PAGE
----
U.S. Middle East envoy William Burns told senior Palestinian officials that the establishment of a Palestinian state is a top priority for Washington.
Mr. Burns told Palestinian Prime Minister Mahmoud Abbas that U.S. President George W. Bush is determined to see the creation of a Palestinian state under a new international peace plan.
Mr. Burns made his comments during a meeting with Mr. Abbas in the West Bank city of Ramallah, where they discussed the so-called roadmap to peace.
The American envoy said President Bush is strongly committed to working toward a two-state vision in which Israel and the Palestinians would live peacefully side by side.
Following the meeting, Mr. Burns told reporters that, to reach that goal, the Palestinians must fight terrorism, and the Israelis must halt the expansion of Jewish settlements in the West Bank and Gaza Strip
"On the Palestinian side, that means there is absolutely no substitute, no substitute for a decisive fight against terror and violence," said Mr. Burns. "And on the Israeli side, it also means taking practical steps to ease the suffering of Palestinians living under occupation, to stop settlement activity and renew a sense of dignity and hope."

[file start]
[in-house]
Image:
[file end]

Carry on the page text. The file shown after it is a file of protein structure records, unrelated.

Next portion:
Mr. Burns's mediation efforts are aimed at paving the way for a visit to the area later this month by Secretary of State Colin Powell, who will also hold discussions with both sides on the roadmap.
The plan, made public last week, calls for the end of the Israeli-Palestinian conflict and for a Palestinian state to be founded by 2005. The roadmap is supported by the United States, Russia, the European Union and the United Nations.
Mr. Burns did not meet with Palestinian leader Yasser Arafat, who President Bush says should be replaced.
Mr. Powell is also expected to shun Mr. Arafat during his upcoming visit.